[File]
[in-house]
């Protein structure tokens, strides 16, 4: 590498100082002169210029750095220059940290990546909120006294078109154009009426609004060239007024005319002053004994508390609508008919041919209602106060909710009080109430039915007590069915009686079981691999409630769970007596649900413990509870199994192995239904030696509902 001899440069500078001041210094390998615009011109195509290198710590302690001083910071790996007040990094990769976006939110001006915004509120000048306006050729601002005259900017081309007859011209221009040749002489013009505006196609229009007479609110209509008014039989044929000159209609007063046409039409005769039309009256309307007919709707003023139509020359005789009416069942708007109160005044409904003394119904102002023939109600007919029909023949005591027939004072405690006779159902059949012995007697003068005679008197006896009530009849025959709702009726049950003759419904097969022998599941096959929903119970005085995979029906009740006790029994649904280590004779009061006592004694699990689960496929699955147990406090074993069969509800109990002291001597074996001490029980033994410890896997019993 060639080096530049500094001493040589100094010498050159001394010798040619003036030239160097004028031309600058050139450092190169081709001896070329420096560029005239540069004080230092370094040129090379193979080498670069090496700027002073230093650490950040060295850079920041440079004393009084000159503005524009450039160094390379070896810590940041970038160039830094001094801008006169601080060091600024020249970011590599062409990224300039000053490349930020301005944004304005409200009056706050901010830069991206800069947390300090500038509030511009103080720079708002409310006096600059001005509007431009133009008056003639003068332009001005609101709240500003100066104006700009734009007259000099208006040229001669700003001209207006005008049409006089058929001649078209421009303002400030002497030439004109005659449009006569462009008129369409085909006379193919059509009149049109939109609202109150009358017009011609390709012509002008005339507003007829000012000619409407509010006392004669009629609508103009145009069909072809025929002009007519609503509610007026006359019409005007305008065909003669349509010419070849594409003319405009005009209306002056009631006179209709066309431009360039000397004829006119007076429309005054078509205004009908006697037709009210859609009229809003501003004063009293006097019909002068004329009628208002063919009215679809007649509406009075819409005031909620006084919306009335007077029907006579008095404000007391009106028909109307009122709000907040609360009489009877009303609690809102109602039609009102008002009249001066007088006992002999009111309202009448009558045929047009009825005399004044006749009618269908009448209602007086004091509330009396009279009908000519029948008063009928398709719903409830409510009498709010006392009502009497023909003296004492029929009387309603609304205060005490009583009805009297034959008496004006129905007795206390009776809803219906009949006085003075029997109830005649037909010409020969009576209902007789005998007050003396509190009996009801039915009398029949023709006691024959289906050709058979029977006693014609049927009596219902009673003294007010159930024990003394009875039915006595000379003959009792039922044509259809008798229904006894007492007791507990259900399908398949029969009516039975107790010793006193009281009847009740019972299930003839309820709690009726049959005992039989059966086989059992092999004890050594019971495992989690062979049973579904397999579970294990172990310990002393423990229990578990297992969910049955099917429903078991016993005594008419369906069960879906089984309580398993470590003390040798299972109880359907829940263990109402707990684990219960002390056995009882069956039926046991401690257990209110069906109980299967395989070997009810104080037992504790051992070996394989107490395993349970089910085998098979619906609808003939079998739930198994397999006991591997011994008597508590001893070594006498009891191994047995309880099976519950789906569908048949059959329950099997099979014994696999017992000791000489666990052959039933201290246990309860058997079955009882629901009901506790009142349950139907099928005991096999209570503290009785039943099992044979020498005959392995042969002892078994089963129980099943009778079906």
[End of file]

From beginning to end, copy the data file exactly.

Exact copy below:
[in-house]
């Protein structure tokens, strides 16, 4: 590498100082002169210029750095220059940290990546909120006294078109154009009426609004060239007024005319002053004994508390609508008919041919209602106060909710009080109430039915007590069915009686079981691999409630769970007596649900413990509870199994192995239904030696509902 001899440069500078001041210094390998615009011109195509290198710590302690001083910071790996007040990094990769976006939110001006915004509120000048306006050729601002005259900017081309007859011209221009040749002489013009505006196609229009007479609110209509008014039989044929000159209609007063046409039409005769039309009256309307007919709707003023139509020359005789009416069942708007109160005044409904003394119904102002023939109600007919029909023949005591027939004072405690006779159902059949012995007697003068005679008197006896009530009849025959709702009726049950003759419904097969022998599941096959929903119970005085995979029906009740006790029994649904280590004779009061006592004694699990689960496929699955147990406090074993069969509800109990002291001597074996001490029980033994410890896997019993 060639080096530049500094001493040589100094010498050159001394010798040619003036030239160097004028031309600058050139450092190169081709001896070329420096560029005239540069004080230092370094040129090379193979080498670069090496700027002073230093650490950040060295850079920041440079004393009084000159503005524009450039160094390379070896810590940041970038160039830094001094801008006169601080060091600024020249970011590599062409990224300039000053490349930020301005944004304005409200009056706050901010830069991206800069947390300090500038509030511009103080720079708002409310006096600059001005509007431009133009008056003639003068332009001005609101709240500003100066104006700009734009007259000099208006040229001669700003001209207006005008049409006089058929001649078209421009303002400030002497030439004109005659449009006569462009008129369409085909006379193919059509009149049109939109609202109150009358017009011609390709012509002008005339507003007829000012000619409407509010006392004669009629609508103009145009069909072809025929002009007519609503509610007026006359019409005007305008065909003669349509010419070849594409003319405009005009209306002056009631006179209709066309431009360039000397004829006119007076429309005054078509205004009908006697037709009210859609009229809003501003004063009293006097019909002068004329009628208002063919009215679809007649509406009075819409005031909620006084919306009335007077029907006579008095404000007391009106028909109307009122709000907040609360009489009877009303609690809102109602039609009102008002009249001066007088006992002999009111309202009448009558045929047009009825005399004044006749009618269908009448209602007086004091509330009396009279009908000519029948008063009928398709719903409830409510009498709010006392009502009497023909003296004492029929009387309603609304205060005490009583009805009297034959008496004006129905007795206390009776809803219906009949006085003075029997109830005649037909010409020969009576209902007789005998007050003396509190009996009801039915009398029949023709006691024959289906050709058979029977006693014609049927009596219902009673003294007010159930024990003394009875039915006595000379003959009792039922044509259809008798229904006894007492007791507990259900399908398949029969009516039975107790010793006193009281009847009740019972299930003839309820709690009726049959005992039989059966086989059992092999004890050594019971495992989690062979049973579904397999579970294990172990310990002393423990229990578990297992969910049955099917429903078991016993005594008419369906069960879906089984309580398993470590003390040798299972109880359907829940263990109402707990684990219960002390056995009882069956039926046991401690257990209110069906109980299967395989070997009810104080037992504790051992070996394989107490395993349970089910085998098979619906609808003939079998739930198994397999006991591997011994008597508590001893070594006498009891191994047995309880099976519950789906569908048949059959329950099997099979014994696999017992000791000489666990052959039933201290246990309860058997079955009882629901009901506790009142349950139907099928005991096999209570503290009785039943099992044979020498005959392995042969002892078994089963129980099943009778079906």